Can combined troughs replace parabolic dishes for amateur solar cooking?
Would anyone like to try it on tiny demo scale? (I mean something tiny made with 1ft by 2 ft paper perhaps) see if you can make a panel cooker with the design as a template?
I think it will work with hemisphere curve, or parabolic curve, any curve or panel cooker shape that shines the light on a cooking vessel.
Key points. 1 The troughs must be curved in directions that are at right angles to each other.
2 the long primary collector trough must be in line with the path of the sun.
And thats basically it! The primary trough concentrates light in one plane and the secondary trough (the little wings round the red pot) concentrate it in the other plane.
I then tried to get software to show if it was any good and It seems to show that it would cook for significantly longer than a parabolic dish. But the software showed that it was not as good as I had hoped. From running the software (art of illusion) I came up with the kyoto trough as a possible solution.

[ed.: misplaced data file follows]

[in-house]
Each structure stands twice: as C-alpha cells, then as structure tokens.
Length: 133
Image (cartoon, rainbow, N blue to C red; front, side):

The kyoto trough is a trough made by taking 2 halves of a parabolic trough and twisting them a little inwards roung the focus. This can focus all the light between the focal line and the bottom of the trough for a time period coresponding to the angle of twist. 15 degrees of twist coresponds to one hour. http://www.youtube.com/watch?v=uX9Z-nsUHiA. That is a really useful property because it confers reliability. The next part of the kyoto trough can just be an ordinary parabolic trough to do a final concentrationof the light onto the cooking pot. Well 2 small troughs to deal with 2 streams of light going towards the cooking pot from either side of the trough.
Are any mathematicians interested in resolving the troughs into a Kyoto Dish? which would give much longer cook times than a parabolic dish.